A few weeks ago, I saw a screening of a new documentary film called Cries From Syria. It was a punishing watch. The film is raw, emotional, and relentlessly honest about the costs of war. The director, Evgeny Afineevsky, an American citizen who was born in the former USSR, doesn’t spare the viewer any discomfort.
In one scene, Afineevsky cuts to what appears to be a basement somewhere in Aleppo. It’s minutes after a chemical weapons attack. Scattered across the floor are dozens of children, bodies convulsing violently, gasping their last breaths. The scene is short, but it feels like an eternity. The point isn’t to pummel the viewer with violence. This is a confrontation with the truth, and it’s horrifying.
“My duty is to show the true face of this tragedy,” Afineevsky told me recently. “People can’t understand an atrocity if they don’t see it for what it is.”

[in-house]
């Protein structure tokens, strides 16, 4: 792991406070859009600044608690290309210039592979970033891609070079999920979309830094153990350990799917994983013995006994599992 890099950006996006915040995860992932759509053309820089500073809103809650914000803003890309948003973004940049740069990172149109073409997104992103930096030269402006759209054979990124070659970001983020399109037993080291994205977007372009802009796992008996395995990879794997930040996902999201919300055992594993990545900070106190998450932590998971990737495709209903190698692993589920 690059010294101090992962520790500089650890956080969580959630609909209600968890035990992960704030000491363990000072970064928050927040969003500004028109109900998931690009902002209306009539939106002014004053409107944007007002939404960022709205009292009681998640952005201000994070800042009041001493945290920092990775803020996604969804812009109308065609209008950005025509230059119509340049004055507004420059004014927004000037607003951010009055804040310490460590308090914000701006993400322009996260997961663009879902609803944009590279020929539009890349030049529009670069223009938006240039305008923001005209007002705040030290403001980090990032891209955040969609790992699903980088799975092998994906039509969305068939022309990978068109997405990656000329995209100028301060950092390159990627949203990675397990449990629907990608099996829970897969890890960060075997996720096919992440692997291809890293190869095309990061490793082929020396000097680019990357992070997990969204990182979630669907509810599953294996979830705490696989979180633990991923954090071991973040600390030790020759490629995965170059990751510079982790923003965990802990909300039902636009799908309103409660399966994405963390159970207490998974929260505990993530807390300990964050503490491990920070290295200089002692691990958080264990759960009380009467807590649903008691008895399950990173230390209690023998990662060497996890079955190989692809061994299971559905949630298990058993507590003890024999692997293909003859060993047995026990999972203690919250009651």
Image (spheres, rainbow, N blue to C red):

If his goal was to make the suffering in Syria less abstract and more concrete, he has succeeded. This film lingers long after it is seen.
In this interview, I talk to Afineevsky about the documentary, which airs Monday night on HBO. I ask him why he decided to make this film, and what he hopes to accomplish now that it’s done.
Our conversation has been edited for length and clarity.
I was surprised by the scope of this film. You made a conscious decision to analyze the broader six-year conflict in Syria, as opposed to just focusing on a single dimension of this story. Why did you feel the need to provide that context? ….